Foreign Policy Blogs

Financial Crisis = Changing Priorities?

The Chicago Council on Global Affairs released last week a public opinion poll about Americans’ views on foreign policy issues. The findings show the American public's number one foreign policy worry is the country's standing in the world.

The Financial Times reported on the findings:

“The… survey found that 83 per cent of respondents thought that improving their country's world standing should be a "very important" foreign policy goal. This was the highest priority, ranking above the 80 per cent who saw protecting US jobs as very important.

“Americans understand the message that is coming from the rest of the world that the US is too unilateralist," said Steven Kull, director of the International Policy Attitudes programme at the University of Maryland.”

Below is a chart from the poll's report detailing Americans’ top foreign policy goals. (For more findings, view the poll's full report).


Here's the problem: these data were collected in July. Now that the American financial sector has collapsed, how much do you want to bet that Americans’ second priority–protecting American jobs–has now trumped the first? Historically, Americans tend to turn inward when times are hard. This is unfortunate, since the collapse has likely made the world less willing to trust American leadership, thus this foreign policy goal harder to achieve.

Jim Hoagland discussed this prospect in his Sunday column in the Washington Post. He called for the end of “financial unilateralism,” and noted the sober remarks of a US ally.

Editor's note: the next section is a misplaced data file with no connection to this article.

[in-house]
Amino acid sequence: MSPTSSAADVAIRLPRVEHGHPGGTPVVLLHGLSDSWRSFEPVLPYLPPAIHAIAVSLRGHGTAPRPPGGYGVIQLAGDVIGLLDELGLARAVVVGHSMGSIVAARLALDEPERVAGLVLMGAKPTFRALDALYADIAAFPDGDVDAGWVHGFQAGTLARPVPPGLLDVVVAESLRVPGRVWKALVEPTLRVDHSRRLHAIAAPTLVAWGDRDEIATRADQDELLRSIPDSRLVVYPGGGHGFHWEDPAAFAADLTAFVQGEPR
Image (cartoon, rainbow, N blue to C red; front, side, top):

“Here for the U.N. General Assembly opening and to receive a humanitarian award at a black-tie dinner, Sarkozy, an unabashed admirer of the United States, had other sober advice worth considering. He spoke in a hotel ballroom filled with Wall Street financiers who underwrote the gala — but his words seemed aimed not only at them but also at Bush, Congress and ultimately the American nation:

“You cannot demand to lead and then say that you are not responsible when things do not work out. You cannot accept only the rewards and duck the bad consequences of your actions.”

Americans cannot take for granted a world leadership role that comes with little cost or sacrifice, as they have tended to do in the Clinton-Bush era. That role must be earned anew, and the costs cannot simply be passed down to our children and grandchildren. Otherwise, as John Maynard Keynes might have said, in the long run we are all poor.”

Hoagland and Sarkozy remind us that in harsh economic times it is even more important for the US to lead, and for the American people and government to be concerned when our leadership role becomes called into question. Understandably–and unfortunately–it's hard to see right now beyond our own financial worries. Let's hope I am wrong, and that Americans don't loose site of what was just in July a top foreign policy priority–improving the country's standing in the world.



Melinda Brouwer

Melinda Brower holds a Masters degree in Global Politics from the London School of Economics and Political Science. She received her bachelor's degree in Political Science and Spanish at the University of Wisconsin-Madison. She received a graduate diploma in International Relations from the University of Chile during her tenure as a Rotary Ambassadorial Scholar. She has worked on Capitol Hill, at the State Department, for Foreign Policy magazine and the American Academy of Diplomacy. She presently works for an internationally focused non-profit research organization in Washington, DC.